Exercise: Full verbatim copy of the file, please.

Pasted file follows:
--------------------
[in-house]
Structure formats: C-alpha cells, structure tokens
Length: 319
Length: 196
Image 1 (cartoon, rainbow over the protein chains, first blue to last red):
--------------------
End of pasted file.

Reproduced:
[in-house]
Structure formats: C-alpha cells, structure tokens
Length: 319
Length: 196
Image 1 (cartoon, rainbow over the protein chains, first blue to last red):